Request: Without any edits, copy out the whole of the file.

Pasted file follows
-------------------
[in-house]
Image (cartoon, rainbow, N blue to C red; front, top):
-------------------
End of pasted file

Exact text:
[in-house]
Image (cartoon, rainbow, N blue to C red; front, top):